President Museveni last evening scoffed at those supporting homosexuality in the country and warned that their advocacy might provoke the majority who hate the practice.
The President said homosexuality has been there even before independence and that the practice has always been ignored since only a few are engaged in it.
“I was discussing with somebody that is why I delayed to come. We were discussing legal issues - the issue of homosexuality. I was meeting the head of UNAIDS, Ms Winnie Byanyima. On our law books, we still have homosexuality as a crime and it was put there by the British as an offence,” President Museveni said yesterday.
“We have not amended that law and some people say we should amend it and remove it. Homosexuality was known but we have deliberately ignored that and we have not amended that law and it’s deliberate because we have more urgent things to do. We also have a cultural way of looking at that phenomenon,” he added.
The President was presiding over the swearing-in ceremony for the new Principal Judge, Dr Flavian Zeija, and three justices of the Supreme Court at State House in Entebbe yesterday.
The judges are Mike Chibita, Ezekiel Muhanguzi, and Night Percy Tuhaise.
Justices Muhanguzi and Tuhaise did not take the judicial oath and oath of allegiance since they had taken the same when they were appointed High Court judges before. The two justices instead shook hands with the President.
“For us, we know that there is a main way of life but there is some deviation and African society says about that. The law criminalises it and hunts those people but also, we have been advising the Western parties not to provoke the big majority by fronting homosexuality as if it’s something appreciated,” the President said.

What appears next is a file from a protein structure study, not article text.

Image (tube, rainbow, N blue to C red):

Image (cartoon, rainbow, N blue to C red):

He saluted the outgoing Principal Judge Yorokamu Bamwine for effectively spearheading the High Court for many years.
Justice Zeija now replaces Bamwine who officially retired on December 25 last year after clocking the retirement age of 65.
Chief Justice Bart Katureebe expressed gratitude to the President for appointing the new judges before asking him to appoint more especially at the Court of Appeal level since two of the court’s justices were elevated to the Supreme Court.
The new Justice minister, Prof Ephraim Kamuntu, said the swearing-in was the first public function he was presiding over since he was transferred to the ministry.
Prof Katuntu replaced Maj Gen Kahinda Otafiire in the recent cabinet reshuffle.
He pledged to work with the new judges to promote law and peace in the country.
The executive director of UNAIDS, Ms Winnie Byanyima, has previously been quoted advising government to decriminalise prostitution and homosexuality to curb the rising number of HIV infections.
“We have a law criminalising homosexuality. Most of the society does not agree with it, but the result is that we drive gays, lesbian and transgender people underground and they do not come out for HIV testing and treatment,” she added.
“That means they and their sexual partners will continue lacking the services and also spreading the infection,” she added.
Mrs Byanyima told The New Vision that government has no business engaging in moralising the public.
“We need to decriminalise homosexuality and let the Church and the mosque be the ones to preach about sexual behaviour. The government should not be in the bussiness of moralising about sex. Let them leave that to the moralists. Let the government simply deliver services to all people without discrimination. That would be the best way to end this epidemic,” she said.